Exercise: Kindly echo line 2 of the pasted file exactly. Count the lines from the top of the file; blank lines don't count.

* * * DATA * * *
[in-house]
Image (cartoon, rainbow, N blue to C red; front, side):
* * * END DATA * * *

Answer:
Image (cartoon, rainbow, N blue to C red; front, side):